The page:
2. Lou June 26th, 2008 4:37 pm

    Yeah John, we did the ice scratchers and they really helped, just not quite enough, especially on pavement (grin). We got some ski wheels as well, but they only work for moving the sled in and out of the garage. One time on Maroon Creek Road, I rigged up a sun shower with a tube dripping water on the heat exchanger. That worked, but is big and heavy if you bring enough water to make a difference. At least you can take a shower after a few hours of sledding (g).

  3. adam olson June 27th, 2008 7:51 am

    “Along with that, mechanic told me we should move our muffler and tail exhaust down into the tunnel where it belongs”

    Did he say to run the whole exhaust pipe through and out the tunnel or just dump exhaust into the tunnel?

    ao

  4. Lou June 27th, 2008 8:41 am

    Adam, he said there was a way to get everything down in the tunnel, with the exhaust exiting out the rear. It would be easy to spray the exhaust into the tunnel, but then you’d be in a cloud of exhaust unless you were moving (like the old days).

  5. Lou June 27th, 2008 9:55 am

    I just spoke with the snowmobile mech, he said I should probably prop up the rear of the sled so the suspension is unloaded and possibly lifting the track off the ground. He also said to place some Decon in there as well as the other chemistry. Anything but having your wiring harness eaten, or a rat nesting in your air filter box.

  6. Ken June 27th, 2008 10:00 am

    Lou – Something to remember is that UV rays do bad things to plastic with increased exposure. I’d suggest covering your skis as well…if not, at least give them a healthy coat of 303 protectant for the season. Unless, of course, you’re looking for a good reason to upgrade to some Generation II Simmons flexi-skis http://www.flexi-ski.com for next season! -Ken

  7. Lou June 27th, 2008 10:12 am

    he he, always looking for an upgrade! But yeah, we were talking about covering up the skis, so I think we’ll do that too. Man, I wish we just had a garage for this thing. I was keeping it in the garage during the winter, but need the room for automotive projects in the summer.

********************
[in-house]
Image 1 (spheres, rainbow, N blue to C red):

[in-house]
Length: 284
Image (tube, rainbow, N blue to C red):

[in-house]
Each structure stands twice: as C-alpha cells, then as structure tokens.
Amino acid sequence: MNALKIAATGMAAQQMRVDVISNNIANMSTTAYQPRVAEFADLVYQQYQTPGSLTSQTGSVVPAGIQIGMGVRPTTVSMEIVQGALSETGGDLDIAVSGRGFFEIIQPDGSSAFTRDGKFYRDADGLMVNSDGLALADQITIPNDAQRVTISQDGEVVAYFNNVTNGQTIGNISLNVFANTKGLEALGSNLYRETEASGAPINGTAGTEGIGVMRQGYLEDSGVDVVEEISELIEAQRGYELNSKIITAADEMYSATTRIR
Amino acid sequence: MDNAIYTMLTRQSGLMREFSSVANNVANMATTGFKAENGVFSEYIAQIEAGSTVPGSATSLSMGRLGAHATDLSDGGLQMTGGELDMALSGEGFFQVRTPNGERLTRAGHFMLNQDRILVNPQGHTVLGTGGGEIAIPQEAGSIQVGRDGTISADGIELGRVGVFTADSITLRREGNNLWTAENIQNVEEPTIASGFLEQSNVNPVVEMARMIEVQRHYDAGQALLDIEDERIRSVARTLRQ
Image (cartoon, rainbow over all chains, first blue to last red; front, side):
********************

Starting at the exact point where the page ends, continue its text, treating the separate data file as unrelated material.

8. Jim Jones June 28th, 2008 8:12 am

    I’m on my 8th sled of my life and have never, ever, had a problem with over-heating. I began pulling skiers behind my sleds in the early 80′s so yes, I have abused them.

    I guess its time to build another garage.

  9. John Gloor June 28th, 2008 11:36 am

    Jim, what type of sleds are you running? My Arctic cat 580 never overheated once but my RMK 800 is good for two miles on frozen spring roads before it goes into its limp mode when hot. I”ve bled the system of all air but the problem is no snow on the heat exchangers. I don’t want to go the touring or work sled route since they weigh a ton and are not as fun. They are probably better suited for towing though.

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Welcome to Louis (Lou) Dawson's backcountry skiing information opinion website and e magazine. Lou's passion for the past 45 years has been alpinism, climbing, mountaineering and skiing -- along with all manner of outdoor recreation. He has authored numerous books and articles about backcountry skiing and is well known as the first person to ski down all 54 of Colorado's 14,000-foot peaks, otherwise known as the Fourteeners! Books and free back country news and information here, and tons of Randonnee rando telemark info.